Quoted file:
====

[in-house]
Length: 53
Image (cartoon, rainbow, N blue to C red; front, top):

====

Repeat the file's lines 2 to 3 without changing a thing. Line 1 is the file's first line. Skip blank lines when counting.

Length: 53
Image (cartoon, rainbow, N blue to C red; front, top):